Directed by Elia Kazan
USA 1956

 

  Regarded as scandalous when it was first released, Baby Doll has lost its shock value but retains a strong, sweaty Deep South sensuality. Businessman Wallach moves in nextdoor to boring Malden and his young wife Baker, who is essentially a walking, talking erogenous zone. Lust, muckiness and flaming, violent retribution follow swiftly after Wallach and Malden get into a fight over their cotton mill interests and the nubile Baker. Written by Tennessee Williams and directed by Kazan, it's a darkly witty portrait of passion in a small, sun-baked town full of repressed sexuality and titillating nightwear.

Excerpt from Channel 4 located HERE

Posters

Theatrical Release: December 18th, 1956

Reviews    More Reviews    DVD Reviews

DVD Review: Warner - Region 1,2,3,4 - NTSC

DVD Box Cover

   

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This is also part of the Tennessee Williams Film Collection which contains A Streetcar Named Desire 1951 Two-Disc Special Edition / Cat on a Hot Tin Roof 1958 Deluxe Edition / Sweet Bird of Youth / The Night of the Iguana / Baby Doll / The Roman Spring of Mrs. Stone 

              

Other Individual Reviews:
Distribution Warner Home Video - Region 1,2,3,4 - NTSC
Runtime 1:54:40 
Video 1.33:1 Aspect Ratio (modified from 1.66)
Average Bitrate: 5.54 mb/s
NTSC 720x480 29.97 f/s

NOTE: The Vertical axis represents the bits transferred per second. The Horizontal is the time in minutes.

Bitrate:

Audio English (Dolby Digital 1.0), DUB: French (Dolby Digital 1.0)  
Subtitles English, Spanish, French, None
Features

Release Information:
Studio: Warner Home Video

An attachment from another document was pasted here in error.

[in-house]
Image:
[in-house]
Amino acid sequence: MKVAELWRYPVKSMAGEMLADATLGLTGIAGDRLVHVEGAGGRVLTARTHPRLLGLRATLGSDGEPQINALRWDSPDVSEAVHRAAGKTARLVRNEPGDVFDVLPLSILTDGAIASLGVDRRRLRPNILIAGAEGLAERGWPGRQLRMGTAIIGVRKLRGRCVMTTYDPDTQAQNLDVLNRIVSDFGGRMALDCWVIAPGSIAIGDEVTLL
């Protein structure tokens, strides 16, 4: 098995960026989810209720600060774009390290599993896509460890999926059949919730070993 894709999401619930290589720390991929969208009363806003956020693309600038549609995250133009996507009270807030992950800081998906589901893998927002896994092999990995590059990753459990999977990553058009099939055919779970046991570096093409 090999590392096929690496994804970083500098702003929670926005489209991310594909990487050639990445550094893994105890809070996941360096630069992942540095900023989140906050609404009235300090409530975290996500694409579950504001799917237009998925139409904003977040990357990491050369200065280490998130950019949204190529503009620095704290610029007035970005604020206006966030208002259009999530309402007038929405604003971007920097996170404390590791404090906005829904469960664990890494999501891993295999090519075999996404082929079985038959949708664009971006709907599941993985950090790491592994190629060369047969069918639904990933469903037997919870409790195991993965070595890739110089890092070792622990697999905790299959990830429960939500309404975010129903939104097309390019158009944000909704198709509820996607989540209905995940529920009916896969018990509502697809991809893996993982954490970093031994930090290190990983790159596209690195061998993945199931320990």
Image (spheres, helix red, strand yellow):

Aspect Ratio:
Aspect Ratio 1.33:1 (modified from original 1.66)

Edition Details:

• Featurette Baby Doll: See No Evil (12:49)
• Baby Doll trailer gallery

DVD Release Date: May 2nd, 2006

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Chapters: 28

 

 

Comments:

NOTE: Peter says:
'Looks like WB goofed on BABY DOLL. Those frame grabs indicate that it's opened up on top and bottom (and likely cropped a little on left/right as a result). Should be projected 1.66 like most any WB film made after 1953 or so. Some theaters probably even would run it 1.85, but from personal experience I'd say most 1950s widescreen films look better in 1.66 because cinematographers were still shooting with the idea in mind that some theaters still ONLY had 1.37. In any case, it's clearly wrong. A strange decision on WB's part.'

***

While looking at the rest of the Tennessee Williams Boxset, the edition of Baby Doll distinguishes itself as showing the most grain (which I suspect is finely cleaned dirt and digital noise) but it is extremely sharp and the contrast/grey-scale is top notch. For a film of 50 years old it looks exceptionally good. Audio and subtitles are at Warner's high standard. The Baby Doll: See No Evil featurette is short at 12 minutes but has input from Malden, Wallach and Baker which is quite interesting.

The film carries a unique legacy with its lewd and provocative reputation and cool south narrative from Williams. Certainly tame for today's audience but its charming locational shooting in Mississippi, fine performances and historical significance make it valuable viewing fodder. We recommend but are disappointed about the aspect ratio!

Gary W. Tooze

 





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Subtitle Sample

 

 


 

Screen Captures

 

 


 

 


 

 


 

 


 

 

 


 

 


DVD Box Cover

   

CLICK to order from:

The 2-disc SE is part of the Tennessee Williams Film Collection which contains A Streetcar Named Desire 1951 Two-Disc Special Edition / Cat on a Hot Tin Roof 1958 Deluxe Edition / Sweet Bird of Youth / The Night of the Iguana / Baby Doll / The Roman Spring of Mrs. Stone) 

              

Other Individual Reviews:
Distribution Warner Home Video - Region 1,2,3,4 - NTSC




 

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Gary Tooze

Mississauga, Ontario,

   CANADA

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